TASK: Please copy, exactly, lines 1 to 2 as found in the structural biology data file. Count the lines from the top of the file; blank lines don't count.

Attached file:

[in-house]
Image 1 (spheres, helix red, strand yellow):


[in-house]
Image 1 (spheres, helix red, strand yellow):